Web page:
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Born to age?

Are some people just born to age faster than others? A new study suggests that might be the case.

Nilesh Samani of the University of Leicester in Britain and colleagues analyzed more than 500,000 variations in nearly 3,000 people's genes and found that those with a certain variation near a gene called TERC tended to have shorter "telomeres."

Telomeres are molecular structures at the ends of chromosomes, which carry genes inside cells. Telomeres are often likened to the plastic tips at the ends of shoelaces that keep them from unraveling. Every time a cell divides, the telomeres get a little shorter. The shorter the telomeres, the faster cells are believed to age. They are therefore considered markers for aging.

The new finding indicates that some people are born with genes that make them predisposed to the diseases of aging, essentially making them age more quickly than other people.

In the study, published in the journal Nature Genetics, those with certain variations of the TERC gene had telomeres that appeared to make them biologically about three or four years older than their chronological ages. TERC is involved in the production of telomerase, which helps repair telomeres. It could be that people born with this variation were exposed to lower levels of telomerase in the womb, essentially making them biologically several years older than other people.

Obviously, much more research is needed to confirm and explore the findings. But the researchers say they could lead to new insights into aging and perhaps a way to identify people who are more prone to the diseases of aging. That might lead to doing more to help stave off the decline.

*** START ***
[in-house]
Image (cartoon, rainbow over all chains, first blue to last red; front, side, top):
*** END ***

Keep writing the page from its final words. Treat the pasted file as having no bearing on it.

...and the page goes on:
By Rob Stein  |  February 10, 2010; 6:00 AM ET
Categories:  Aging  
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Comments

So, when will we have a treatment available to lengthen our stubby telomeres?

Posted by: mhoust | February 10, 2010 1:41 PM | Report abuse

Age is only old IF you make it that way. Think of age as the manifestation of our life-long battle with atrophy. Each of us makes choices every day that effect the balance of atrophy in our lives; the food we eat, the exercise we do or don't do, how we entertain ourselves all go together to produce what we are each and every day, young or old.

Posted by: 4blazek | February 10, 2010 2:23 PM | Report abuse

Science is increasingly devoted to discovering ways to counter our stressed out, sedentary lifestyles by modifying our genes or bodily processes. Only 18 months ago it was announced by Dr. Sinclair at Harvard that Transmax resveratrol, a commercial extract of a red wine molecule produced by scientists at biotivia, switches on the SirT-1 anti-aging gene and prevents the normal diseases of aging. Then scientists reported that a drug called Aircar that had been around for decades is capable of making sedentary mice into olympic contenders by modifying their muscles and increasing their endurance. Now additional genetic clues to aging have been discovered. If you can make it to 2020 in good shape there is every possibility that you will live well past the age of 120 years, given the developments in anti aging.

Posted by: james69 | February 10, 2010 5:49 PM | Report abuse

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